Tesco and Booker Group shareholders have both voted through the supermarket giant's contentious £3.7bn takeover of the country's leading wholesaler.
Booker will be absorbed into Britain's largest grocery group on 5 March, with boss Charles Wilson taking on the role of chief executive of Tesco's retail and wholesale operations in the UK and Ireland.
Dave Lewis, Tesco's group chief executive, said: "I'm delighted that the shareholders of both companies have supported the merger.
"This merger is about growth, bringing together our complementary retail and wholesale skills to create the UK's leading food business. This opens up new opportunities to provide food wherever it is prepared or eaten - 'in home' or 'out of home' - and will benefit our customers, suppliers, colleagues and shareholders."
Cost synergies from the deal are estimated at around £200m a year, mainly from buying and distribution, with Lewis having said that the merger will generate a return greater than the cost of capital within two years of completion. EPS will increase in year-two as well, although this excludes 'implementation costs'.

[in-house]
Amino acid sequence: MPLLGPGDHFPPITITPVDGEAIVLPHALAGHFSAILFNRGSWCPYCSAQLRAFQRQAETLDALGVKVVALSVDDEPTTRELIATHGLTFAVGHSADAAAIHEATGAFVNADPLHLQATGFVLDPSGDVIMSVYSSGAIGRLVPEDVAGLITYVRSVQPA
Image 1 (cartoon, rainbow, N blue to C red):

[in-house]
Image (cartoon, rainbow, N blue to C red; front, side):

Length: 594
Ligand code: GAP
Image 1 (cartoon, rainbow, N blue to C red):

Major institutional investors Artisan and Schroders, Tesco's third and fourth largest investors, had urged the board to abandon the takeover in part because they said they believe the 24% premium paid for Booker makes the destruction of value more likely.
The Competition & Markets Authority approved the deal in December, to the consternation of some rivals and analysts, some of whom had called for the deal to be blocked and argued it threatened the survival of independent retailers by giving Tesco too much power over grocery buying. A combined Tesco and Booker would be able to drive other operators out of business, they said, as well as having some affect on Booker's customers, such as Budgen, Londis and Premier.
But the regulator decided these shops could choose where to buy products and that competition in the retail sector made it unlikely Tesco would use the merger to raise prices or cut service levels. Most shops use more than one wholesaler and they switch frequently.
While Booker is the largest wholesaler in the market, its share is less than 20%, so the CMA said it was not big enough for it to force rivals out of business by using Tesco's buying power to purchase more cheaply.